From a contemporary news account:

On the day of execution (Wednesday February 1st), the condemned took a glass of wine. Both Hearson and Armstrong protested their innocence by saying “I am a murdered man”. Beck ascended the platform first and a cry of “Murder!” could be heard from the crowd. Despite his irons, Hearson ran quickly up and jumped on the scaffold, calling to friends in the crowd. He then twirled his cap around his hand, “as if in triumph”, followed by his neckerchief, to cheers from the crowd. He also did a little dance before being calmed, and before Armstrong ascended. The ropes had been adjusted, and the chaplain began the service. On uttering the words “in the midst of life we are in death”, the drop fell!

The blog Pallax View has an excellent entry about the riots and resulting trials and executions, focusing on Hearson in particular. He was a married lace manufacturer and an enthusiastic boxer, called “Curley Hearson” in the prize ring.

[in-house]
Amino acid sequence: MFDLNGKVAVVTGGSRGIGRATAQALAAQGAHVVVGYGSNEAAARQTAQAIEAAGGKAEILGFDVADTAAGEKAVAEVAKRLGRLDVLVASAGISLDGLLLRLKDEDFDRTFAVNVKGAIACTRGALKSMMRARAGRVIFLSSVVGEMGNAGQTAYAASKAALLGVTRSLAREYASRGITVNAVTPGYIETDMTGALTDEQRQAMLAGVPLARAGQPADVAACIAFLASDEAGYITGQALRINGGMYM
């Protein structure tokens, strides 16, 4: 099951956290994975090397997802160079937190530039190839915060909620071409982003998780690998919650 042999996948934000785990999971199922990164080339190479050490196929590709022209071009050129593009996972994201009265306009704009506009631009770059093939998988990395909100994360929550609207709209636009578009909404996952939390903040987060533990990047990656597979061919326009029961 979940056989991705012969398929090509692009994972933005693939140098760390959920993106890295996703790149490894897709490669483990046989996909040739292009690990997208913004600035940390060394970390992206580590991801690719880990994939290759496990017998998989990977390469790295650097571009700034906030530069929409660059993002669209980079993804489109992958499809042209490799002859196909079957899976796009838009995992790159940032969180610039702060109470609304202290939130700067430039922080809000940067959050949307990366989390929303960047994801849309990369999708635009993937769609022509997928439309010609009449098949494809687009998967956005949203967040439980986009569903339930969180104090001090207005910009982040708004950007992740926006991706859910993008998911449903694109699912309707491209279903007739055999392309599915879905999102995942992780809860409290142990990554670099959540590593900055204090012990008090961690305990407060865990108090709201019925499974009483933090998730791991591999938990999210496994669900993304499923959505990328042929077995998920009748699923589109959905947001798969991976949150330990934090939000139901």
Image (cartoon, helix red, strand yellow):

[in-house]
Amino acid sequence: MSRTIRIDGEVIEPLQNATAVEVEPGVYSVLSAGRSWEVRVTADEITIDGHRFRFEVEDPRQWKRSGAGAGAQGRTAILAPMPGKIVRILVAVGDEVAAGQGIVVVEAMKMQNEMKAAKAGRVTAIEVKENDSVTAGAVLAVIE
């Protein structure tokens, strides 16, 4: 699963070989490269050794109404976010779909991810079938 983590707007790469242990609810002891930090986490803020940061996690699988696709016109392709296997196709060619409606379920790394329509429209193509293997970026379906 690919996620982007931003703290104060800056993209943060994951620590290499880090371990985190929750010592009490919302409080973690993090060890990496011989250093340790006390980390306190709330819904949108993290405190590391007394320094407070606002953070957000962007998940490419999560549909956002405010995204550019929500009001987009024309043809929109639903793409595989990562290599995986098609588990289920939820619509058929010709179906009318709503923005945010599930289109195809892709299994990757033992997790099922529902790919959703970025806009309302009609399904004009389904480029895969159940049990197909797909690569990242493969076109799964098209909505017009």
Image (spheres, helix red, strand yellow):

A poem about the injustice of the executions gained wide circulation:

Hark! The Trumps are mournful sounding,
Wafting souls to realms above,
Where there’s naught but bliss abounding,
Glorying too for Jesu love.

The reckless fate of these poor creatures,
Fills the town with sad dismay,
For Nottingham, with its bright features,
Could not check that dreadful day.

To see the prime of youth now wither,
‘Midst relations, friends so dear,
It makes one’s blood almost to shiver,
Who could stop the burning tear?

Hearson, Beck and Armstrong boldly,
Met their fates beneath the tree;
Villains swore against them coldly,
And their doom we all shall see.

The bitterly-fought parliamentary reform was at last enacted that June.

On this day..

Entry Filed under: 19th Century,Capital Punishment,Death Penalty,England,Execution,Guest Writers,Hanged,History,Other Voices,Public Executions,Rioting,Wrongful Executions